Taxes

Whether your purchases are to ease pain or boost pleasure, they’re likely to be in cash for the near term: Since the federal government deems pot illegal, banks have been loath to provide cannabis-related operations credit. Recreational users in L.A. will pay a 15 percent state excise tax as well as a 9.5 percent county sales tax. Some areas will charge an additional business tax, and there are taxes associated with growing, distributing, and selling, too. (Patients with a valid medical card will be exempt from sales tax. ) Economists estimate that those fees could bring $1 billion in revenue to the state, and according to City Controller Ron Galperin, L.A. could bring in at least $50 million in tax revenue next year.

After the government takes a piece of that cash to cover its costs, the money will be spread around, including:

• $2 million to the UC San Diego Center for Medicinal Cannabis Research

• $3 million a year for five years to the California Highway Patrol to establish DUI protocols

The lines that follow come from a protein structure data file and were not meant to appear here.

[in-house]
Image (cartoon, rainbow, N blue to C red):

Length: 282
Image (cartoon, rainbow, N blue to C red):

• $10 million every year until 2028 to a California public university for legalization-related research

• $10 million in 2018 to areas disproportionately affected by criminalization. The figure will grow by $10 million a year and remain at $50 million in 2022 and beyond

Of any remaining funds, 60 percent will go toward drug education, treatment, and prevention for youth; 20 percent will be distributed to state and local law enforcement; and 20 percent will be put toward cleaning up environmental damage caused by pre-regulation grow operations.

Fines and Penalties

As of November 9, 2016, the fine for driving with an open cannabis “container” (what defines a container is anybody’s guess) is up to $250. In September 2017, Governor Brown took it a step further by signing a bill that specifies a $70 fine for smoking or consuming marijuana while driving. And those people you see vaping on the sidewalk? They are indeed breaking the law. Smoking in public carries a $100 fine that jumps to $250 for smoking in places where tobacco is banned (think: restaurants and offices, in front of certain buildings). Selling weed without a license or having more than the allowable amount of cannabis carries a penalty of $500, six months in jail, or both. Finally anyone caught selling to a minor faces three to seven years.

Idaho Senate Revises Cannabis Oil Bill